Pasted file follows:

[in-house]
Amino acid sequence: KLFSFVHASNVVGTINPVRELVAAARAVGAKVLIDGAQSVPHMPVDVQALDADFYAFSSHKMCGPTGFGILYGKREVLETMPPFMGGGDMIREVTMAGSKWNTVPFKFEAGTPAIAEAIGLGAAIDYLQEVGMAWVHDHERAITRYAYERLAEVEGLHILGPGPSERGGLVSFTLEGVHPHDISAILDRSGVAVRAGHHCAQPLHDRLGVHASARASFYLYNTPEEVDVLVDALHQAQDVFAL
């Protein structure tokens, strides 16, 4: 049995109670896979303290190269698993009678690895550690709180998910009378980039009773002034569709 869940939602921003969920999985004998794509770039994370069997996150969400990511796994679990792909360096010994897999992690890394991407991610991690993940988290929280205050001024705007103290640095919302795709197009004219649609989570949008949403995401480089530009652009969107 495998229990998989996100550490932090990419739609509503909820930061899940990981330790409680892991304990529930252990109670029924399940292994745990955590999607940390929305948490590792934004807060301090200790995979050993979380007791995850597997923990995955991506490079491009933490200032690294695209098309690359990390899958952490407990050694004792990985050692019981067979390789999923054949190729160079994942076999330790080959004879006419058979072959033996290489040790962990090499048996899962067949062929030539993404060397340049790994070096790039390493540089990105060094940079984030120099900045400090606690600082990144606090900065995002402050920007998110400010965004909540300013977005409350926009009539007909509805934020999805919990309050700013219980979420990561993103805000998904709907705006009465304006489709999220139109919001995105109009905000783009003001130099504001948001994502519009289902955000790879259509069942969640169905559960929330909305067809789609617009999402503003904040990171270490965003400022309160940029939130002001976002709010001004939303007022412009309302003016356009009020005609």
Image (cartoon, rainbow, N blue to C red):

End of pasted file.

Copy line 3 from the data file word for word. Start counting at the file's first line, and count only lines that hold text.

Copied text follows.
């Protein structure tokens, strides 16, 4: 049995109670896979303290190269698993009678690895550690709180998910009378980039009773002034569709 869940939602921003969920999985004998794509770039994370069997996150969400990511796994679990792909360096010994897999992690890394991407991610991690993940988290929280205050001024705007103290640095919302795709197009004219649609989570949008949403995401480089530009652009969107 495998229990998989996100550490932090990419739609509503909820930061899940990981330790409680892991304990529930252990109670029924399940292994745990955590999607940390929305948490590792934004807060301090200790995979050993979380007791995850597997923990995955991506490079491009933490200032690294695209098309690359990390899958952490407990050694004792990985050692019981067979390789999923054949190729160079994942076999330790080959004879006419058979072959033996290489040790962990090499048996899962067949062929030539993404060397340049790994070096790039390493540089990105060094940079984030120099900045400090606690600082990144606090900065995002402050920007998110400010965004909540300013977005409350926009009539007909509805934020999805919990309050700013219980979420990561993103805000998904709907705006009465304006489709999220139109919001995105109009905000783009003001130099504001948001994502519009289902955000790879259509069942969640169905559960929330909305067809789609617009999402503003904040990171270490965003400022309160940029939130002001976002709010001004939303007022412009309302003016356009009020005609």